In the above examples, the quantities of the sintered fluorocarbon resin and the carrier have been specifically set forth. However, it has been found that departure from the disclosed amounts will not substantially detract from the effectiveness of the resultant composition as a packing and sealing material so long as the composition resulting from the admixture of the fluorocarbon resins and carrier has a consistency which will permit easy extrusion into the packing gland or stufling box or application to the threaded member. Accordingly, it has been found that as little as 5% and as much as of the total composition can comprise the fluorocarbon resin. Also, where both flaked and granulated fluorocarbon resins are combined with a suitable carrier, both the flaked and granulated components can comprise as much as 40% and as little as 20% of the overall composition. Moreover, it is not intended to restrict the invention to fluorocarbon resins only since it has been found that filler materials such as graphite and molybdenum sulfide produce effective results in combination with fluorocarbon resins. Furthermore, while the above examples specify either an oil lubricant or grease lubricant carrier it has been found that a combination of the two type carriers does not diminish the effective results achieved by the present invention and accordingly such a combination is fully contemplated as a part of the invention.

While the above describes the invention, it is to be understood that variations in the invention can be made without departing from the spirit thereof, and the scope of the invention is to be construed only with respect to the appended claims.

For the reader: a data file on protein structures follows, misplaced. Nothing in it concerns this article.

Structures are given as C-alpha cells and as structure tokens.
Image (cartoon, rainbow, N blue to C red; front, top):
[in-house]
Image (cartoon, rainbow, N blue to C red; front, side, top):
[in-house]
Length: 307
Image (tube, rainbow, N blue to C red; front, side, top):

What is claimed as new is as follows:

1. A packing and sealing composition which comprises essentially comminuted particles of a polymer selected from the group consisting of polytetrafluoroethylene, polytrifluorochloroethylene, polyvinylidene fluoride and the copolymer of hexafluoropropylene and tetrafluoroethylene, after said polymer has been sintered under high pressure and temperature, and a lubricant carrier whereby the composition will have an easily extrudable fluid or paste consistency.

2. The packing and sealing composition of claim 1 wherein said polymer is polytetrafluoroethylene.

3. The packing and sealing composition of claim 1 wherein said polymer is a copolymer of tetrafluoroethylene and hexafluoropropylene and said particles are present in an amount of approximately 595% by weight of the total composition.

4. The packing and sealing composition of claim 1 wherein said polymer is polytrifluorochloroethylene.

5. The packing and sealing composition of claim 1 wherein said polymer is polyvinylidene fluoride and said carrier is of a grease lubricant type.

6. A packing and sealing composition which comprises by weight between 45% and 70% particles of a sintered polymer selected from the group consisting of polytetrafluoroethylene, polytrifluorochloroethylene, polyvinylidene fluoride and the copolymer of hexafluoropropylene and tetrafluoroethylene and between 30% and 55% of a carrier selected from the group consisting of an oil lubricant and a grease lubricant whereby the composition will have an easily extrudable fluid or paste-like consistency.